Teachers Awarded Funding for Creative and Innovative Classroom Projects

A teacher works with her students in the classroom. Photo provided.A teacher works with her students in the classroom. Photo provided.

By: Kallie Sulanke, The Community Foundation—

Muncie, IN—Local teachers will receive $1,984 in Robert P. Bell Education Grants from The Community Foundation of Muncie and Delaware County, Inc. Across the county, 1,000s of students benefit from Bell Education Grants each year.

Awards of up to $450 are available through the Bell Grants program. Funded projects are creative or innovative ideas or programs designed to stimulate learning in students. All Delaware County teachers are invited to apply during any of the four grant cycles.

This past summer, The Community Foundation established the Robert P. Bell Teacher Grants Fund to permanently endow the program to ensure that teachers have access to funds to help engage their students in meaningful ways for years to come. Individuals can contribute to the new endowment fund to memorialize a special teacher, honor a retiring teacher or teacher celebrating a work anniversary, or to simply show their support for K-12 education in Delaware County.

The next deadline for Bell Grants is April 1, 2017. For more information about Bell Grants applications and the Robert P. Bell Teacher Grants Fund, contact Colton Strawser, Program Officer at cstrawser@cfmdin.org. Information is also available at www.cfmdin.org.

Taryn Beckman, Southside Middle School, was awarded $210 for a project that helps middle school language arts students discover and discuss the idea of social justice from stories of the children during the Civil Rights Movement in a way that can inspire and inform the behavior of young people today. Students will read a collection of non-fiction stories and symbolically represent a story using a fabric square.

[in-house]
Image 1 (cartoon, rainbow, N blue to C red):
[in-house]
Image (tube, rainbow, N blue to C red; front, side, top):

Clara Chi, Indiana Academy, was awarded $450 for a project that teaches Japanese flower arranging (ikebana) to high school juniors and seniors in Japanese Class. The project will explore both the biology of the flowers and wabi-sabi Japanese aesthetics which make ikebana appealing.

Joshua Ruark, Indiana Academy, was awarded $180 for high school trigonometry students to explore dampened harmonic motion using random oscillating magnet pendulum (ROMP) devices. Through this project, students will work with partners to conduct a series of experiments to observe and record effects of altering the trajectory of a pendulum.

Rebekah Weaver, Delta High School, was awarded $449 to improve high school band students’ ability to get themselves in tune with their instrument and the rest of the ensemble. Tuners and microphones used during rehearsal will allow students to not only develop an ear for intonation but also provide a visual aid to support listening activities.

Stephanie Nagelkirk, Indiana Academy, was awarded $450 for high school literature students to create life-sized visual representations of the stages and aspects of womanhood as described in the women’s literature studied. Through the project, students will explore metaphorical concepts through physical symbols that represent the ideas presented through a variety of herstories of women.

Kristi Gibson, Albany Elementary School, was awarded $244 to provide first graders with a long-term series of STEM-related activities, promoting confidence and awareness of math and science in real-world scenarios. Activities will engage students in hands-on inquiry, involve teamwork, allow for differentiation, and give opportunities for improvement.